The Act of 1833 permitted the Britishers to settle freely in India and allowed Christian missionaries to operate in India and appointed Bishops for the British India. However, Indians saw it as ‘loot’ of another kind, a religious plunder of Indian society. In fact, in 1835 Macaulay introduced English education system aiming to completely destroy Indian society by destroying its traditional education system. His intent is shown in the video below:
Increasing Mistrust of the British
Missionaries’ deceptive conversion gimmicks alienated Indians, although many fell into their trap. Most became suspicious that the British government was trying to Anglicize India. The policy of taxing lands belonging to Temples and Mosques also supported their fear.
With most of the country under their control and lording over 200 million people, the British now became increasingly ruthless in their manipulatory tricks in order to seize those few states that remained even notionally independent. Their exploitative policies like the Doctrine of Lapse and direct annexation had dislodged a large number of rulers. For instance, Rani Lakshmi Bai’s adopted son was not permitted to sit on the throne of Jhansi. Rulers of Satara and Nagpur also met similar fates. Jaitpur, Sambalpur and Udaipur were also annexed. Thus, most rulers were living in apprehension and fear. Annexation of Awadh had left thousands jobless and made the State a hotbed of discontent.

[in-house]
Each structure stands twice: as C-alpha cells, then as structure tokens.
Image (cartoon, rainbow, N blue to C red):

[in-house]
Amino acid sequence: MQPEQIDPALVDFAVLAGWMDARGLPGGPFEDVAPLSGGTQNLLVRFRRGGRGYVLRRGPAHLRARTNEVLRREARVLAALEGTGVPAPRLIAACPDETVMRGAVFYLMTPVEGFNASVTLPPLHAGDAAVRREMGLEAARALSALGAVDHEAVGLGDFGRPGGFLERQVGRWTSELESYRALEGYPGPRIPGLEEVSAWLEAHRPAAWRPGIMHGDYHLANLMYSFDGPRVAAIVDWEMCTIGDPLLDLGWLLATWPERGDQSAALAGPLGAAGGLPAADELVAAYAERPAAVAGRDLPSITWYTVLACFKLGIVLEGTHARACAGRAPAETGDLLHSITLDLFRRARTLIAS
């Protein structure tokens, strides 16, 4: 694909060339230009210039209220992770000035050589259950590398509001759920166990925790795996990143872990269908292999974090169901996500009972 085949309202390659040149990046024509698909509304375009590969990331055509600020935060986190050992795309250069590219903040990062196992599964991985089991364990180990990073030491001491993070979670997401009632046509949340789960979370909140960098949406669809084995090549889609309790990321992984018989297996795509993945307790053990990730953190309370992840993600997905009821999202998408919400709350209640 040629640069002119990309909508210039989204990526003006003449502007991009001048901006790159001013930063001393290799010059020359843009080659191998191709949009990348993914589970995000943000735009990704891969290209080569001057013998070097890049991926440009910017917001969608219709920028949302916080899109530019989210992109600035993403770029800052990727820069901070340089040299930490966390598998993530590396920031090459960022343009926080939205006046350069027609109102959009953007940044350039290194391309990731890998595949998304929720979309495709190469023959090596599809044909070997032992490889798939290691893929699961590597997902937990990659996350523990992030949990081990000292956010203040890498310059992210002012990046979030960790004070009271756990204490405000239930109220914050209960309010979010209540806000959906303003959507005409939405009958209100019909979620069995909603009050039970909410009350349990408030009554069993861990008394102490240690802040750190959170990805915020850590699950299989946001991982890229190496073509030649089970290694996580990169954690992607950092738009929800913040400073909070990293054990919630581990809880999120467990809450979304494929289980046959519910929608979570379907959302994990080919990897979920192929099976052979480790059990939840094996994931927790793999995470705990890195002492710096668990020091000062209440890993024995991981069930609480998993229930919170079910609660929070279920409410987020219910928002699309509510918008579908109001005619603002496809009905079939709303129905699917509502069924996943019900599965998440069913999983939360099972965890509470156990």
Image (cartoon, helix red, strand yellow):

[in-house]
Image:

Heavy taxation and the harsh methods employed to collect revenue were resented everywhere. It was creating poverty and landlessness when people were unable to pay loans taken from money lenders. Large numbers of sepoys were drawn from the peasantry; their families were also affected by it.
British policies completely destroyed the traditional economic structure and they were dumping British manufactured goods in India, ruining local industry. Indians were reduced to mere suppliers of raw materials for British industries and consumers of British goods. The famine in the Agra region (1837-38) was met by their typical ‘look the other way approach’ and let people die.
Britishers’ conduct was openly racist and Indian soldiers were treated poorly and paid less. They were required to serve in faraway places and in 1856 an Act was passed so that they could be even send to outside Indian borders. Changes in the Army structure had reduced the pay and promotion opportunities of Indian soldiers. There was significant alienation of the natives while the Company lords enjoyed cockily in isolation.